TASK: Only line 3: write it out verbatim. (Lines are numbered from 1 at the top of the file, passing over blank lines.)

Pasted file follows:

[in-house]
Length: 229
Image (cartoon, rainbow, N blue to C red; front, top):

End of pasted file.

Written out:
Image (cartoon, rainbow, N blue to C red; front, top):